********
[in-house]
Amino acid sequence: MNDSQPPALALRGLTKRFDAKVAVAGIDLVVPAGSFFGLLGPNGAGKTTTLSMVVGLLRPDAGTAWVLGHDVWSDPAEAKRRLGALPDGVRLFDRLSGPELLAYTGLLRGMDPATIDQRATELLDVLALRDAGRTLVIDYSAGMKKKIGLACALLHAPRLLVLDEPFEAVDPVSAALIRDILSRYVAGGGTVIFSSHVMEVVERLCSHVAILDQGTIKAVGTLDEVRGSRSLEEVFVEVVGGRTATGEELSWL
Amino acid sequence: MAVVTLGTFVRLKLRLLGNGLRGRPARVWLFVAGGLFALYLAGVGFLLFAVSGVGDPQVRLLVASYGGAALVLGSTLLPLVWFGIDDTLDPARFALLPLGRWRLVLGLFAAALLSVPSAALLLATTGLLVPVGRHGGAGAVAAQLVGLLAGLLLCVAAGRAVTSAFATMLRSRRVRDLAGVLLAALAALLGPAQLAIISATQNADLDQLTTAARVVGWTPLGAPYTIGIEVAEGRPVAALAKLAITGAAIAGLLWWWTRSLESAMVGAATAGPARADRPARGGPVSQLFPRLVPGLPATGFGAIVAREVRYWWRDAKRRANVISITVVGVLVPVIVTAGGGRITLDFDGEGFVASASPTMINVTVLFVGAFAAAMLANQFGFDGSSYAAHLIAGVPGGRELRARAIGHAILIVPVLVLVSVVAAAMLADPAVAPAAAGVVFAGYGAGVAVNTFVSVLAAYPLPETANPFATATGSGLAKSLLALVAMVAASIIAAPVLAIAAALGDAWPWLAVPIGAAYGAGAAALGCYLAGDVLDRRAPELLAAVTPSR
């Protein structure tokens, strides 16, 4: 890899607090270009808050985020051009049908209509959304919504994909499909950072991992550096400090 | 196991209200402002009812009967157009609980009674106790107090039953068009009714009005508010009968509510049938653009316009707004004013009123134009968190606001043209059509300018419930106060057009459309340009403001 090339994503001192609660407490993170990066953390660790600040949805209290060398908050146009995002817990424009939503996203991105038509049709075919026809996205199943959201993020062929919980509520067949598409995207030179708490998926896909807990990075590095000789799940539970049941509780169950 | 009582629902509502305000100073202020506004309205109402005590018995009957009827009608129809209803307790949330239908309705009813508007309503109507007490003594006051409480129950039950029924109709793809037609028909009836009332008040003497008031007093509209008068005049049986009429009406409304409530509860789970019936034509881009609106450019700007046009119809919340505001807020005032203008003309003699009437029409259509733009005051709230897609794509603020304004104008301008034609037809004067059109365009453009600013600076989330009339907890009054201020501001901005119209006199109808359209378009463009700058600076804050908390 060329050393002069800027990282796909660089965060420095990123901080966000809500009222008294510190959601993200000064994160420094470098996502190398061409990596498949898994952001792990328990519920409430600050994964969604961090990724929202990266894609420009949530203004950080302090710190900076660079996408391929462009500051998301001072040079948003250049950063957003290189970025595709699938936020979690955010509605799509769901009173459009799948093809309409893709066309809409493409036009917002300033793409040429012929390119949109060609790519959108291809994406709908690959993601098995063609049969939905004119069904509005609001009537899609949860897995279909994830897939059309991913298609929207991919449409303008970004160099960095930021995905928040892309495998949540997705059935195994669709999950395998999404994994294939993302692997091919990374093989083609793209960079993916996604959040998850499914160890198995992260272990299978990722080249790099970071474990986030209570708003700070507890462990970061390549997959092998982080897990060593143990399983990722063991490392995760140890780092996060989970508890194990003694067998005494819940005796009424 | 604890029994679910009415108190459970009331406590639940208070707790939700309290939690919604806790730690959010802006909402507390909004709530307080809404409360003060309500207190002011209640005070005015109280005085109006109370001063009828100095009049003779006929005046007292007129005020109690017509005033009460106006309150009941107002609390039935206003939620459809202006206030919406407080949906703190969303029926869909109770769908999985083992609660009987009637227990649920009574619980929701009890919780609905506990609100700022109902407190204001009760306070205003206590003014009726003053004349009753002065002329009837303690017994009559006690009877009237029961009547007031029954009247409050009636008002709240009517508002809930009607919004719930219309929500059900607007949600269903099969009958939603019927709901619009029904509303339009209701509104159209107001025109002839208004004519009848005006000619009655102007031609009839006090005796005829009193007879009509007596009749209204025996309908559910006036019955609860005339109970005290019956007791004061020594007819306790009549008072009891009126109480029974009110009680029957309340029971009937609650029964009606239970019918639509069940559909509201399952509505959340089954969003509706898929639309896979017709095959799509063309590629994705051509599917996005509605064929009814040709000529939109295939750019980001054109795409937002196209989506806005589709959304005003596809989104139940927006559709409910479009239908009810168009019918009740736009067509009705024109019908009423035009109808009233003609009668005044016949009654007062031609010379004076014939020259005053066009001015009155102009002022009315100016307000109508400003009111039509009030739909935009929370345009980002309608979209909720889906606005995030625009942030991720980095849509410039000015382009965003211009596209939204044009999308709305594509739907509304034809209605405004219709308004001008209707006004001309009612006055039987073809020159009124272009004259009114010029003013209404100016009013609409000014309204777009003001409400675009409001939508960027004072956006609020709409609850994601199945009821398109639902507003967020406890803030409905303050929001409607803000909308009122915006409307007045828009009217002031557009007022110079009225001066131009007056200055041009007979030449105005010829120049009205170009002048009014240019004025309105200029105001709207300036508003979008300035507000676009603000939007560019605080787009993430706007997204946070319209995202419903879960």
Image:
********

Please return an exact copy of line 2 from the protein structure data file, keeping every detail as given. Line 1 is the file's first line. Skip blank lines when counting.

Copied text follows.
Amino acid sequence: MNDSQPPALALRGLTKRFDAKVAVAGIDLVVPAGSFFGLLGPNGAGKTTTLSMVVGLLRPDAGTAWVLGHDVWSDPAEAKRRLGALPDGVRLFDRLSGPELLAYTGLLRGMDPATIDQRATELLDVLALRDAGRTLVIDYSAGMKKKIGLACALLHAPRLLVLDEPFEAVDPVSAALIRDILSRYVAGGGTVIFSSHVMEVVERLCSHVAILDQGTIKAVGTLDEVRGSRSLEEVFVEVVGGRTATGEELSWL